Looming Medicare Changes
Older adults expecting sweeping improvements to Medicare under the newly enacted health reform are likely to discover disappointing changes.
Bad news continues to plague the Obama administration's signature achievement: healthcare reform.
Medicare's chief actuary recently projected that the nation’s healthcare bill will increase rather than decrease as a result of the new law. And a different study from private research firm Avalere Health estimates that more than 3 million older adults will have to switch drug plans this fall despite President Obama's promise that “if you like your healthcare plan, you'll be able to keep your healthcare plan.”
These reports provide only the latest evidence that the new healthcare reform may be disastrous for the country’s elders. Under the terms of the president's reform package, Medicare will eliminate about 25% of the drug plans currently available to seniors in order to “simplify” the system. As a result, roughly one fifth of the 17.5 million elders enrolled in stand-alone drug plans could find themselves looking for new drug coverage and those who are forced to switch may face higher premiums and copayments.
The drug plan debacle will be the first of many to befall older adults in the coming years. The Congressional Budget Office estimates that healthcare reform will cost about $1 trillion over the next decade. Older adults will end up footing much of that bill, as the law is financed with $575 billion in cuts to Medicare.
The reform will extract a big chunk of that—$202 billion, according to the Centers for Medicare & Medicaid Services—from Medicare Advantage. Nearly one quarter of Medicare patients participate in this popular program, whereby the federal government partners with private insurers to deliver health benefits. Between 2003 and 2009, enrollment in the program doubled from 5.3 million to 10.2 million.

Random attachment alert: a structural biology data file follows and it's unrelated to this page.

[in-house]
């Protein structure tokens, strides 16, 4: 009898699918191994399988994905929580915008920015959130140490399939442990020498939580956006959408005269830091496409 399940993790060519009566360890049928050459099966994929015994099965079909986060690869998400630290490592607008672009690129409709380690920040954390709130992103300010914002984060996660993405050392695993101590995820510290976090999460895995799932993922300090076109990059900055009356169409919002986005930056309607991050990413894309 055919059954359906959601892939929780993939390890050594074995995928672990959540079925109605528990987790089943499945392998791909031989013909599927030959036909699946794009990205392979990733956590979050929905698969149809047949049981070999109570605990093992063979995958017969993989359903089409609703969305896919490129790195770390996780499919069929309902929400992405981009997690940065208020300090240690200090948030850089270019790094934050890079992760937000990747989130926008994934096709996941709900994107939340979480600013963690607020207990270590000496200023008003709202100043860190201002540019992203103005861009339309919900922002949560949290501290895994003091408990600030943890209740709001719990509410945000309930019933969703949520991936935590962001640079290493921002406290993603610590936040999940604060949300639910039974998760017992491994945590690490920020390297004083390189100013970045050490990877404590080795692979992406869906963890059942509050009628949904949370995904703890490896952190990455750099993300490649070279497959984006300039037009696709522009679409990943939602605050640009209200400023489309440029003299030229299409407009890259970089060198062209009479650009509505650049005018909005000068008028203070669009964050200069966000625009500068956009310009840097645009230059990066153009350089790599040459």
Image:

But under the recently enacted healthcare reform, enrollment in Medicare Advantage is projected to decline 50% by 2017, largely because of cuts in the level of benefits provided by the program. Some 10 million Medicare Advantage patients could see their benefits gradually decrease by an average of $43 per month.
Medicare Advantage beneficiaries won’t be the only ones affected due to the reform. Elders covered by traditional Medicare may find it harder to get the care they need, as the health reform law cuts payments to all manner of healthcare providers. Medicare Chief Actuary Richard Foster predicts that nearly one in seven hospitals, nursing homes, hospices, and home health agencies will become unprofitable by 2019; 40% could be forced out of business by 2050.
Cuts due to the reform could also force doctors to shutter their practices. The government already reimburses physicians who treat Medicare patients at less than cost. Because they lose money on every Medicare patient they see, more doctors are simply refusing to see older adults.
Nearly one quarter of Medicare patients seeking a primary care doctor have difficulty finding one, according to a report released earlier this year by the independent Medicare Payment Advisory Commission. The Texas Medical Association surveyed doctors a couple years ago and discovered that just 38% of primary care doctors took new Medicare patients.
The health reform law also provides for the direct rationing of care. It creates an independent payment advisory board that will advise Congress on how to reduce Medicare spending if it’s growing too fast. The president will appoint the 15 members on the panel, and none will be required to represent the interests of the older adults whose lives will be affected by its decisions.
The panel isn’t supposed to raise taxes, change benefits, or ration care, but how else will it reduce spending? If the board recommends more cuts in payments to doctors and other providers, for instance, Medicare patients will have no choice but to wait longer for care.
Medicare was designed to provide a safety net for America's elders, but the current healthcare reform may consign our aging population to long waits and substandard care.
— Sally C. Pipes is president and CEO of the Pacific Research Institute in San Francisco.